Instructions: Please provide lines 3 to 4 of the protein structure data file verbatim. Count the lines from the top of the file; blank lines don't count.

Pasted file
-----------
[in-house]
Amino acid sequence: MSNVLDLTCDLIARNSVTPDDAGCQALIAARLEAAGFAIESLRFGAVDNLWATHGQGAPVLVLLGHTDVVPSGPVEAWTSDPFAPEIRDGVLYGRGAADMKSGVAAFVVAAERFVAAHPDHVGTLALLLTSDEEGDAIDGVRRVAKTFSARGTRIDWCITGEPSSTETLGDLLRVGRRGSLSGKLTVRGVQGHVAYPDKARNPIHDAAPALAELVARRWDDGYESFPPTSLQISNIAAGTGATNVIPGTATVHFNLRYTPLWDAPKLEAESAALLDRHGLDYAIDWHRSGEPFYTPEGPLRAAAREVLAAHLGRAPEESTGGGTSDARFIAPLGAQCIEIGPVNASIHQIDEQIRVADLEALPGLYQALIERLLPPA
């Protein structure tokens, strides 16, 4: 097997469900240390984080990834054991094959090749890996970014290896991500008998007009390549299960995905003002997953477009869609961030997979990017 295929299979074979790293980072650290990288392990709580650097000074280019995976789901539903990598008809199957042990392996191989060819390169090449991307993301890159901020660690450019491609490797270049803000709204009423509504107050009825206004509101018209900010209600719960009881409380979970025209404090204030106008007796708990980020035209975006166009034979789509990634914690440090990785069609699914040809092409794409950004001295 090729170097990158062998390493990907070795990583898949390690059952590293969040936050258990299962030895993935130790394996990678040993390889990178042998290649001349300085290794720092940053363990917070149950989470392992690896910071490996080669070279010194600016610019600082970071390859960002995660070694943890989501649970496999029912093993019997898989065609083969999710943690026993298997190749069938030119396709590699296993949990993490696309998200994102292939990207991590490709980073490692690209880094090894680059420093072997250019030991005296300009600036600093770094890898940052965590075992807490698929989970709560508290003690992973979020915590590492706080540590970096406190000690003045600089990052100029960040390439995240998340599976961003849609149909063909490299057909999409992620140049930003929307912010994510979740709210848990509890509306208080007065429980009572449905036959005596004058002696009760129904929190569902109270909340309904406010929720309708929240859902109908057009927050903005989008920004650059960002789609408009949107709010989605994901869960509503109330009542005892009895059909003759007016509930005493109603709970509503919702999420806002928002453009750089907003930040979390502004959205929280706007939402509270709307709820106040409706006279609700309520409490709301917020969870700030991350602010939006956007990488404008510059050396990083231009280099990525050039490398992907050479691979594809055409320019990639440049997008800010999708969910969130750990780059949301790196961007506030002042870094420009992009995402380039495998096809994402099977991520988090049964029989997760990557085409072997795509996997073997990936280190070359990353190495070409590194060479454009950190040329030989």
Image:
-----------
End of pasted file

């Protein structure tokens, strides 16, 4: 097997469900240390984080990834054991094959090749890996970014290896991500008998007009390549299960995905003002997953477009869609961030997979990017 295929299979074979790293980072650290990288392990709580650097000074280019995976789901539903990598008809199957042990392996191989060819390169090449991307993301890159901020660690450019491609490797270049803000709204009423509504107050009825206004509101018209900010209600719960009881409380979970025209404090204030106008007796708990980020035209975006166009034979789509990634914690440090990785069609699914040809092409794409950004001295 090729170097990158062998390493990907070795990583898949390690059952590293969040936050258990299962030895993935130790394996990678040993390889990178042998290649001349300085290794720092940053363990917070149950989470392992690896910071490996080669070279010194600016610019600082970071390859960002995660070694943890989501649970496999029912093993019997898989065609083969999710943690026993298997190749069938030119396709590699296993949990993490696309998200994102292939990207991590490709980073490692690209880094090894680059420093072997250019030991005296300009600036600093770094890898940052965590075992807490698929989970709560508290003690992973979020915590590492706080540590970096406190000690003045600089990052100029960040390439995240998340599976961003849609149909063909490299057909999409992620140049930003929307912010994510979740709210848990509890509306208080007065429980009572449905036959005596004058002696009760129904929190569902109270909340309904406010929720309708929240859902109908057009927050903005989008920004650059960002789609408009949107709010989605994901869960509503109330009542005892009895059909003759007016509930005493109603709970509503919702999420806002928002453009750089907003930040979390502004959205929280706007939402509270709307709820106040409706006279609700309520409490709301917020969870700030991350602010939006956007990488404008510059050396990083231009280099990525050039490398992907050479691979594809055409320019990639440049997008800010999708969910969130750990780059949301790196961007506030002042870094420009992009995402380039495998096809994402099977991520988090049964029989997760990557085409072997795509996997073997990936280190070359990353190495070409590194060479454009950190040329030989």
Image: